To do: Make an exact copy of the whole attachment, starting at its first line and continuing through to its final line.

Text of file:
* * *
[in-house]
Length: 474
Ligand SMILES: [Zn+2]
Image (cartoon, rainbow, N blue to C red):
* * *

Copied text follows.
[in-house]
Length: 474
Ligand SMILES: [Zn+2]
Image (cartoon, rainbow, N blue to C red):